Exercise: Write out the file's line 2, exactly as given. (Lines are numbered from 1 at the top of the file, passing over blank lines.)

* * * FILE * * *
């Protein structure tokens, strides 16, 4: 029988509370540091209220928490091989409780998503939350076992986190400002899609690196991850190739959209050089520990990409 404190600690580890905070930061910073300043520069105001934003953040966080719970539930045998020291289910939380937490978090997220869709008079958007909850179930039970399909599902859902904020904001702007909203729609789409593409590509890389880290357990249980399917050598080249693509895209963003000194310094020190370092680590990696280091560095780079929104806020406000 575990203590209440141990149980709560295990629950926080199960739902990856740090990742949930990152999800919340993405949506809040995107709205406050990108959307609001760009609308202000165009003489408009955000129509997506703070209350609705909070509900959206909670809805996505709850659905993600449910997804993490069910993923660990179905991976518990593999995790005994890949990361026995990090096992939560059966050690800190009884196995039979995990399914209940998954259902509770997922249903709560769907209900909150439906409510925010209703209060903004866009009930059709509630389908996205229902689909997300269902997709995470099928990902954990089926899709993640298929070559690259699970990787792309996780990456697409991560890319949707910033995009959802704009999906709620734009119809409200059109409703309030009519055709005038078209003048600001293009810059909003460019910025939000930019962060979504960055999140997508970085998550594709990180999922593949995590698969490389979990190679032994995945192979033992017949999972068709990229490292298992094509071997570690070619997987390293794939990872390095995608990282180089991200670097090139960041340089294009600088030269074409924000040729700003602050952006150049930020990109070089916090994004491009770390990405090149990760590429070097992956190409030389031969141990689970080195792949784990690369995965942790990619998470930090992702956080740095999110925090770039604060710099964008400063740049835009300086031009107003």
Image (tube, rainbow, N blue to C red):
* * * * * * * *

Image (tube, rainbow, N blue to C red):